Despite the automation and subsequent learning process or the change, when it is a group of algorithms there is a human responsibility. Digital police violence can take on a different scale and immediacy, a time-space compression (Graeber).

The time-space compression refers to technologies that have, in recent times, accelerated spatial and temporal distance. They include technologies employed incommunication, travel, and economics.

There are a few books tackling digital violence and related topics. Automating Inequality by Virginia Eubanks and Weapons of Math Destruction by Cathy O’Neil.

Additionally a Report on Algorithmic Risk Assessment Tools in the U.S. Criminal Justice System published April 2019 by Partnership on AI (PAI), formed by tech giants like Amazon, Facebook and Google along with advocacy groups like the American Civil Liberties Union may be of interest.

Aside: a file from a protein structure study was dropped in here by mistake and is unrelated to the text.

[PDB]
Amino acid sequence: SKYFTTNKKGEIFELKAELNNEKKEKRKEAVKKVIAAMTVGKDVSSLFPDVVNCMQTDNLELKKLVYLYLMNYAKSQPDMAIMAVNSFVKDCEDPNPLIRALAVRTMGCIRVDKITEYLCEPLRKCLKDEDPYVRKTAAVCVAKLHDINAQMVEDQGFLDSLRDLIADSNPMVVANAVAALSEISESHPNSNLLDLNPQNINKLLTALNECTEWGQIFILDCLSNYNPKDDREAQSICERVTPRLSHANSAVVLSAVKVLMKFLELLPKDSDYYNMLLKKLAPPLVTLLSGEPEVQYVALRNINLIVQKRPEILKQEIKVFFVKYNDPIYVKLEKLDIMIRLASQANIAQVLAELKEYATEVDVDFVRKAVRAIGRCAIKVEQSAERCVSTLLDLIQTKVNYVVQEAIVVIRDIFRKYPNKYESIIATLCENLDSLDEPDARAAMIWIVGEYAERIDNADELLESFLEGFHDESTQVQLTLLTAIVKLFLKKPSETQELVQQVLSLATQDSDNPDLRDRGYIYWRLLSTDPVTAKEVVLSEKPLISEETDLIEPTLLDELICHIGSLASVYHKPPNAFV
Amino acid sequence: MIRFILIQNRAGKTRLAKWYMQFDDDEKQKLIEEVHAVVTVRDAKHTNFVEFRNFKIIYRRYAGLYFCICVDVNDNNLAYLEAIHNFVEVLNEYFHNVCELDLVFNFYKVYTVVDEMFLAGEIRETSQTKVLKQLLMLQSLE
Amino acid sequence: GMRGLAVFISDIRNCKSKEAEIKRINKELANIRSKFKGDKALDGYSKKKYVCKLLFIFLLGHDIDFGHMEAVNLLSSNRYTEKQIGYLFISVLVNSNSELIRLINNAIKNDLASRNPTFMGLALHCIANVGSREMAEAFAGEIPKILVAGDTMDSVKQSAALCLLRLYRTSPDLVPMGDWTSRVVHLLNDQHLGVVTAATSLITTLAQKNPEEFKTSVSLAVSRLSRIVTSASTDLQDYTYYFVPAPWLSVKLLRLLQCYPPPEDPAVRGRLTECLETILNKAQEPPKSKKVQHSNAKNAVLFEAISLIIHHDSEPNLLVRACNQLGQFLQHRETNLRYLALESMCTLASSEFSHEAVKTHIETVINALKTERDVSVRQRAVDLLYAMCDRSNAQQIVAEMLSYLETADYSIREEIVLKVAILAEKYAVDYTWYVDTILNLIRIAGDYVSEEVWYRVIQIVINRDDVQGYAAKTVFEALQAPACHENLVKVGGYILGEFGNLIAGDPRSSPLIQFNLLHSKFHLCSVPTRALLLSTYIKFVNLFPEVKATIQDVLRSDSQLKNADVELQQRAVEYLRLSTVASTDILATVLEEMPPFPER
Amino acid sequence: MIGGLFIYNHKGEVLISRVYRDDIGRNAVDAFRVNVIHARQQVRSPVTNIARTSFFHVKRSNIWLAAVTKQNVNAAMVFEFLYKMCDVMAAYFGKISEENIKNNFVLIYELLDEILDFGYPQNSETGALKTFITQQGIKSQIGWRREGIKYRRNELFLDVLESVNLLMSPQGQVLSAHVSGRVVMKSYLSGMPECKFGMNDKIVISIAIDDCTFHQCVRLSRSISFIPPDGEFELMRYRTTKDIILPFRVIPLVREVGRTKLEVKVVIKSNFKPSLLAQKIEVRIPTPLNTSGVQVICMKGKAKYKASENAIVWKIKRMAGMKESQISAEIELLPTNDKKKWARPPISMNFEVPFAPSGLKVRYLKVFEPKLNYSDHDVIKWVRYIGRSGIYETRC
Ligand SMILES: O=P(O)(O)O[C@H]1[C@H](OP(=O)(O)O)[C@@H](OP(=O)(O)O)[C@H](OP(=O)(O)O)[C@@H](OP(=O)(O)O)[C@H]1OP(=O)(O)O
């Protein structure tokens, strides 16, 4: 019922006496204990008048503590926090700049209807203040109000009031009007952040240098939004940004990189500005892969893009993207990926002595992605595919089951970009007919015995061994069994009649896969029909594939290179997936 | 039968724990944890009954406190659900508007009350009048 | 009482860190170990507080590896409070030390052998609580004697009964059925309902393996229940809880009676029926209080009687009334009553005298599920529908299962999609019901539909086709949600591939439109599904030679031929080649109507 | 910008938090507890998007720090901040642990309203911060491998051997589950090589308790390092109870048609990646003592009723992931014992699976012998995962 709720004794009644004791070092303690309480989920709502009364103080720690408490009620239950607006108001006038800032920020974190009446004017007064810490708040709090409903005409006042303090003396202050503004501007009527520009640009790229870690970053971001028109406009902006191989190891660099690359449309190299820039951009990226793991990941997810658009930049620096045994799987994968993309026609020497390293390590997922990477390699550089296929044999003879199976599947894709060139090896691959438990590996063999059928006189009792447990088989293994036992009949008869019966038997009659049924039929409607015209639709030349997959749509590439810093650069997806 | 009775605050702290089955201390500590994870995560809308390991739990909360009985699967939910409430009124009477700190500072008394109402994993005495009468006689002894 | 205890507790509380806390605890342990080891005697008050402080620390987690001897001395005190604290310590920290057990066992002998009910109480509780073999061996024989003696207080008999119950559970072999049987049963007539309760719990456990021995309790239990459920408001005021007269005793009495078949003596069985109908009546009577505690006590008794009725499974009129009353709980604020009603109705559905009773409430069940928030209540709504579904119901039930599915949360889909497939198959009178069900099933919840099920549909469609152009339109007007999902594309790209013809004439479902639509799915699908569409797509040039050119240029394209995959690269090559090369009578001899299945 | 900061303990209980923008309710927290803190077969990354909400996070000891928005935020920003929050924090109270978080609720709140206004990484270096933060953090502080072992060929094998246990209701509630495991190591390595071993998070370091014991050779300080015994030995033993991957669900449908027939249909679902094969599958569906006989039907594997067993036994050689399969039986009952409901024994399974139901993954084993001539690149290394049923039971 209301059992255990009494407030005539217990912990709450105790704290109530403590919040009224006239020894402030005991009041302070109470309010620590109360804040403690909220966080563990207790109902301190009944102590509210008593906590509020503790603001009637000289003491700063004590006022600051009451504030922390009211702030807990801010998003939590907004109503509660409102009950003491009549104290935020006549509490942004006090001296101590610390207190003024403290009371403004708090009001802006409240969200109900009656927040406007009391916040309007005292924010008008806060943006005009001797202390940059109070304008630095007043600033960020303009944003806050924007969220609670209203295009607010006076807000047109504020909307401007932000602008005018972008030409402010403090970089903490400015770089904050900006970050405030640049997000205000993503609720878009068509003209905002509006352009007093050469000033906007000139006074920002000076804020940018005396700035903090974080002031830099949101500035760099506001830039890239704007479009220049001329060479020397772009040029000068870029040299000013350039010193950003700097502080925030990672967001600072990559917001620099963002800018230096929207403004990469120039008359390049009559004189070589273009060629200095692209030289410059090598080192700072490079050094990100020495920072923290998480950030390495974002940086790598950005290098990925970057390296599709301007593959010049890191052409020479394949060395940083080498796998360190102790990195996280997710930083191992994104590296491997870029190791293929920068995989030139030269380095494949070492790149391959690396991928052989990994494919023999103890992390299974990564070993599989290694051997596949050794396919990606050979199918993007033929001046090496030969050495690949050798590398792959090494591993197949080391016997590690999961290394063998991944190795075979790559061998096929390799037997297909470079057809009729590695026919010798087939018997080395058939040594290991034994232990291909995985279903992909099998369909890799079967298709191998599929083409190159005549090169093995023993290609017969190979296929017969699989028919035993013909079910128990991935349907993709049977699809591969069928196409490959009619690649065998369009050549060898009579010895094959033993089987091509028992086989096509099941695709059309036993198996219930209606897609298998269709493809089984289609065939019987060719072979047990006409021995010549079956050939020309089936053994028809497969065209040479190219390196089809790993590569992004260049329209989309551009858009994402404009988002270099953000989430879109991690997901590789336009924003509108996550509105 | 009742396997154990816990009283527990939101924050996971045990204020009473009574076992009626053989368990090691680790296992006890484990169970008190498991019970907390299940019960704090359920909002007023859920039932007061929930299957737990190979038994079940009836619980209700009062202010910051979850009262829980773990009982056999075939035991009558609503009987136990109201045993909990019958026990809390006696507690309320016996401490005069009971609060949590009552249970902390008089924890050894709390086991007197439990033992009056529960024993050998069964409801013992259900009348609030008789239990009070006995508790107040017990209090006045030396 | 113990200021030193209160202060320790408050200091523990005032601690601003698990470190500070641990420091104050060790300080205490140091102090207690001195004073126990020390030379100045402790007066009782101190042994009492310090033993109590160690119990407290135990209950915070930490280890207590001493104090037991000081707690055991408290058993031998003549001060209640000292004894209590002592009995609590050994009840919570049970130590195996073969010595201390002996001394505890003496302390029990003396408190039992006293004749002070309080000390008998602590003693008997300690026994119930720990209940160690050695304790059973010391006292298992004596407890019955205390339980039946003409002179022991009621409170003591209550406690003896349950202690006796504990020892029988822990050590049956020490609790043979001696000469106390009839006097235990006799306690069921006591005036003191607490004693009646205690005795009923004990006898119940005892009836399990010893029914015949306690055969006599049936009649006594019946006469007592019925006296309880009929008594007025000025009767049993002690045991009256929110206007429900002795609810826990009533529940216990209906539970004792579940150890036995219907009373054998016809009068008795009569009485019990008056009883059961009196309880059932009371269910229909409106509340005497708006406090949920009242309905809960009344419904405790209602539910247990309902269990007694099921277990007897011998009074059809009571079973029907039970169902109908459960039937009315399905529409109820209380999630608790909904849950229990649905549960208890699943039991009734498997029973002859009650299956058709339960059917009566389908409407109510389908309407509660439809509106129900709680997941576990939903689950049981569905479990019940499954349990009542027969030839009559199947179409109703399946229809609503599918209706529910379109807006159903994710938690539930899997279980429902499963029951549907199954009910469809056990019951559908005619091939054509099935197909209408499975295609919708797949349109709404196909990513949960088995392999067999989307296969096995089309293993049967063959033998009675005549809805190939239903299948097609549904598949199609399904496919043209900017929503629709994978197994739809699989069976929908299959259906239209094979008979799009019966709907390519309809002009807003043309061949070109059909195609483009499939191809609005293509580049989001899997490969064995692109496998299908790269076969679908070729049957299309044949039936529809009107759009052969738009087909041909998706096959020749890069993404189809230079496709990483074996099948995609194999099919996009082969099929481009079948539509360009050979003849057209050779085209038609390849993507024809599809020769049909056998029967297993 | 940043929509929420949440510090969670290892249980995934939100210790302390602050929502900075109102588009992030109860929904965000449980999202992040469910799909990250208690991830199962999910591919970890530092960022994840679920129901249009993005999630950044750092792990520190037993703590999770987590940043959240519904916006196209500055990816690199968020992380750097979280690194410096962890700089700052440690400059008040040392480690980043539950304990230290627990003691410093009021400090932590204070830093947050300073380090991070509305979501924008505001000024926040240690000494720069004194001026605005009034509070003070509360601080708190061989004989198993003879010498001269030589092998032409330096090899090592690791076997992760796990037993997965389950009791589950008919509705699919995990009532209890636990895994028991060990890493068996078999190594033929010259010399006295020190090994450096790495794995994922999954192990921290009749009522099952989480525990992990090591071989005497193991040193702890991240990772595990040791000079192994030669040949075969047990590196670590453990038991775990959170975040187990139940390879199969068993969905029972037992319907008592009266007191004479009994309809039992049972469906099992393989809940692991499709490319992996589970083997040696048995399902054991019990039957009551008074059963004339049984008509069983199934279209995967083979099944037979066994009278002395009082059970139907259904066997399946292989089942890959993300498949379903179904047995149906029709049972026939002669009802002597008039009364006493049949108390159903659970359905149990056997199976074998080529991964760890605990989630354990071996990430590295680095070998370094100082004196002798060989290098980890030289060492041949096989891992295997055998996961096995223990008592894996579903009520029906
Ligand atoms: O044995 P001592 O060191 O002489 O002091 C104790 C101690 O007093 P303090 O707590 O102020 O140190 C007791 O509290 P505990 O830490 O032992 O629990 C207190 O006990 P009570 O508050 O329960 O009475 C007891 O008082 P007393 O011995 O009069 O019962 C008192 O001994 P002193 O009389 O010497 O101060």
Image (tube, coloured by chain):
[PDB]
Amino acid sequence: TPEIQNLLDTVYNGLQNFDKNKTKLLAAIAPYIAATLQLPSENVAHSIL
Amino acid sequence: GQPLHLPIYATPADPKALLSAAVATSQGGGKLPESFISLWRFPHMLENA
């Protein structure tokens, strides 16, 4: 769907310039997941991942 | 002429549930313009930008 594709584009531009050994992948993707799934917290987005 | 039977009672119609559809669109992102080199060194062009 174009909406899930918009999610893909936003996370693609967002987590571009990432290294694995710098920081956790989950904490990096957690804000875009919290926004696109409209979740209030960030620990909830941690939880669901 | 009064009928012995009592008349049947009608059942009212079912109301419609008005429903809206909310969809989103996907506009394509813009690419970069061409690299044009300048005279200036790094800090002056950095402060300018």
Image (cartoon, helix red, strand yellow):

We can question what you gain or what you loose by securitization of the digital you.

The Copenhagen School of Security studies places an emphasis on this. Securitization, developed by Ole Wæver, is probably the most prominent concept.

A securitizing speech act needs to follow a specific rhetorical structure, derived from war and its historical connotations of survival, urgency, threat, and defense.

Securitization is a discursive process that has to fulfill three criteria: an actor (1) claims that a referent object is existentially threatened, (2) demands the right to take extraordinary countermeasures to deal with that the threat, and (3) convinces an audience that rule-breaking behavior to counter the threat is justified.